The argument that the definition of "non commercial" is debatable has nothing to do with the CC license in particular and would equally apply to any other license in the world that has such a clause, so this is no argument against using a CC license for software.
The real reason why CC is not recommended for software is that there are typically different distribution forms for software: Source code, compiled code, transpiled code, etc. and CC does not address that at all, as for other media no such distinction exists. The result is that in some cases it isn't clear if a CC requirement only applies to the source code itself, to either the source code or a compiled/transpiled representation of it, or even to both equally.
Software licenses typically define that compiled/transpiled versions of source codes are not derived works but are in fact the same work in a different distribution form and that for the license it plays no role in what form a work is distributed, the same license conditions apply. Also in case of Copyleft licenses, they also define that whoever distributes a compiled/transpiled form, must also distribute the original source code; again, CC has no such requirement.
If using the CC "SA" attribute, it is guaranteed that derived works has equal protection and BY-SA 4.0 is even one-way compatible with GPLv3 (you can release CC BY-SA 4.0 code under GPLv3 if you like, as GPLv3 enforces all requirements of CC BY-SA 4.0 and even beyond it). So with "SA" attribute, compiled code shares the same license as source code for sure but also forces any work based upon your work to also use that license. That is a problem, if other parts of that derived work use a different license and conditions of that different license make it impossible to release the derived work as a whole under the CC license.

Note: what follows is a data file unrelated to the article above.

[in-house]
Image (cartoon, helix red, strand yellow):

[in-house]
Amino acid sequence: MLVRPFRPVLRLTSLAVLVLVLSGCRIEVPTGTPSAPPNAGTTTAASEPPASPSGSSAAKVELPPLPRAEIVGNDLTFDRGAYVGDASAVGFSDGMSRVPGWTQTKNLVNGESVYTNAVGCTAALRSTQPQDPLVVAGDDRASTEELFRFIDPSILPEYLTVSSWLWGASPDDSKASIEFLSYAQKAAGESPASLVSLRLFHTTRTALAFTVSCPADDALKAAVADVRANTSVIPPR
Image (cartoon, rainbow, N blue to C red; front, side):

E.g. let's assume I write an app that uses your CC SA code. Because of "SA" my entire app (a derived work) must be released as CC SA. However, my app also uses code under a license that requires that I grant patent rights to users. If I release that app under CC SA, I would not grant those patent rights and thus violate the other license. But if I release it under a license that grants those patent rights, that would not be CC anymore and thus I had violated the SA constraint. So I can mix the source codes in a source repo (unless any source code has a license that also forbids that) and also distribute that source code but there is no license I could use to release a binary built from that source code that would not violate either one of these two licenses.
If using the "NC" attribute, it is not compatible with other software licenses anymore, as other licenses do typically allow any form of commercial usage. You can mix CC NC code with other licenses but only if the CC code stays under CC license on every redistribution.
And the NC attribute is sticky, meaning it will inherit to derived works. Derived works must be released also under a CC NC license or under a custom license with such a restriction and the later one is not recommend as writing licenses is a task for lawyers, not for software developers. If you write a custom license and mess up, your license may have loopholes and not provide the desired or required protection level and in that case the owner of the original work could sue you, as you would then be violating the CC license requirements. So to be safe, you will have release derived works also under any CC NC license, which makes "NC" as sticky as "SA" in practice.
So if you use CC SA or CC NC code for a project, you can mix in code under BSD or MIT or Apache license but the resulting product basically has to be CC SA or CC NC again, which is okay to permissive licenses as BSD/MIT/Apache; they allow the resulting product to have a different license than the the source code, also a more restrictive one and don't require any license requirements to carry over to the final product.